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Cold snap

For those of you scoring at home (and even if you’re alone), one of the myriad reasons I fled Iowa for California was my most-hated, six-letter word:


After four years in Iowa City, I wanted nothing more to do with scraping ice off windshields, shoveling snow out of my driveway, shoveling more snow out of my driveway, scraping ice off the inside of my windows while hurtling up the highway to Cedar Rapids…you get the picture.

Don’t worry. This is not a tale of woe about how the temperatures in Oakland dropped below 68 degrees, and I had to put on a puffy vest, and waah, waah, waah. No. This is a totally different tale of woe.

See, I’ve recently (as in, a a few weeks ago) moved into a house with The Unicorn. Among the selling (or, well, renting) points about this house, besides the fact that it does not have any shared walls with any other dwelling places, was that is has fruit trees in the back yard. There’s definitely a giant Eureka lemon tree, and then there are two other trees bearing some sort of citrus that may be limes, may be Meyer lemons, who knows. Regardless, this sparked a vision for me. A vision of many varieties of -ades served over ice (with or without gin and/or vodka) on our back patio. A vision of endless variations of citrus vinaigrettes over salads made from baby lettuces purchased at the local farmers market. A vision of jar after jar of preserved lemons (despite the fact that I haven’t even used all the ones I made from lemons gleaned from a friend in a prior year). Lemon curd. Lemon bars. Lemon meringue pie.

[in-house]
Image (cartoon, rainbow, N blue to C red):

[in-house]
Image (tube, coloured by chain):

I had a dream.

Then, as we were moving into the house, a cold snap hit California. Those of you in the middle of the country, or in Alaska, or in, well, almost everywhere else would scoff at our frosty blast. We were getting down to freezing at the coldest part of the night. It’s a California-world problem, but it led me to fear for the health of our citrus.

I asked friends for advice, and got plenty of ideas. Wrap the trees in sheets! String old-school Christmas lights up the trunks and leave them on all night!

“You know,” my father said on the phone, “orchard farmers who are concerned about frozen trees spray them with water so the water freezes and protects the fruit inside the ice casing.”

I did know this, actually, because in a prior life, as a reporter for the Frederick News-Post, I was assigned a story about an unexpected freeze threatening the area’s apple farmers. I needed art for the story, so I assigned a photographer to go shoot photos of the ice-encased apple blossoms and branches right at dawn. Farmers generally do the spraying as close to the freezing point of the night so the water freezes up instantly as possible, so they’re often out all night with hoses and sprayers and fans, and the ice melts off once the sun warms up the air again.

The photographer stormed into the newsroom waving the assignment slip. “Genie Gratto! What the hell is this assignment? Why do I have to be somewhere at 5:30 in the morning?”

He got a beautiful shot, but I owed him a hell of a lot of beer afterward.

“Dad, I’m not getting up in the middle of the night to stand out in the freezing cold spraying water on my citrus trees,” I said. “I have my limits.”

The cold snap, it passed. We’re back to balmy days and nights in the 40s. The citrus is out of harm’s way. And I’m ready to make some lemonade.

2 Comments on “Cold snap”

  1. #1 Karen Davis
    on Feb 1st, 2013 at 7:22 pm


  2. #2 inadvertentgardener
    on Feb 2nd, 2013 at 2:39 pm

    Kären…OF COURSE! Duh. And yes. :-)

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